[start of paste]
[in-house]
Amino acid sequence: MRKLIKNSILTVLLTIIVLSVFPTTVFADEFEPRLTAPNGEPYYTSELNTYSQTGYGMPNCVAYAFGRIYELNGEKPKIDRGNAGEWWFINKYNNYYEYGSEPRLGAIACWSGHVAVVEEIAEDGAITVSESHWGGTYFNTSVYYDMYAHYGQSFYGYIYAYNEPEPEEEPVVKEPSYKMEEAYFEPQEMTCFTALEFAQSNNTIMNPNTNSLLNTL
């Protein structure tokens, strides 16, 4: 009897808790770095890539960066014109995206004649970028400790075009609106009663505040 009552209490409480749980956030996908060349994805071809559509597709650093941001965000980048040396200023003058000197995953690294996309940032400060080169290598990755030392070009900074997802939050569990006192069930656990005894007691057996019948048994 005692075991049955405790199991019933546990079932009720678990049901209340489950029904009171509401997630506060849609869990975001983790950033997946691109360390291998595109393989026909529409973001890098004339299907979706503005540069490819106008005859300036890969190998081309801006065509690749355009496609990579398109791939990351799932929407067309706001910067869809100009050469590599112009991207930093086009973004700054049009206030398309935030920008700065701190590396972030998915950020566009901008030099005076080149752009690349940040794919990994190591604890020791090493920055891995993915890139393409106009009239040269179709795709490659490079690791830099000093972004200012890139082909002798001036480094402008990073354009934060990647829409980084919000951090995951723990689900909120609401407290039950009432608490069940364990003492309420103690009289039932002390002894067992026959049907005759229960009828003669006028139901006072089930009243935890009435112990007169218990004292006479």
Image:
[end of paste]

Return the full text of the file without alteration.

[in-house]
Amino acid sequence: MRKLIKNSILTVLLTIIVLSVFPTTVFADEFEPRLTAPNGEPYYTSELNTYSQTGYGMPNCVAYAFGRIYELNGEKPKIDRGNAGEWWFINKYNNYYEYGSEPRLGAIACWSGHVAVVEEIAEDGAITVSESHWGGTYFNTSVYYDMYAHYGQSFYGYIYAYNEPEPEEEPVVKEPSYKMEEAYFEPQEMTCFTALEFAQSNNTIMNPNTNSLLNTL
């Protein structure tokens, strides 16, 4: 009897808790770095890539960066014109995206004649970028400790075009609106009663505040 009552209490409480749980956030996908060349994805071809559509597709650093941001965000980048040396200023003058000197995953690294996309940032400060080169290598990755030392070009900074997802939050569990006192069930656990005894007691057996019948048994 005692075991049955405790199991019933546990079932009720678990049901209340489950029904009171509401997630506060849609869990975001983790950033997946691109360390291998595109393989026909529409973001890098004339299907979706503005540069490819106008005859300036890969190998081309801006065509690749355009496609990579398109791939990351799932929407067309706001910067869809100009050469590599112009991207930093086009973004700054049009206030398309935030920008700065701190590396972030998915950020566009901008030099005076080149752009690349940040794919990994190591604890020791090493920055891995993915890139393409106009009239040269179709795709490659490079690791830099000093972004200012890139082909002798001036480094402008990073354009934060990647829409980084919000951090995951723990689900909120609401407290039950009432608490069940364990003492309420103690009289039932002390002894067992026959049907005759229960009828003669006028139901006072089930009243935890009435112990007169218990004292006479």
Image: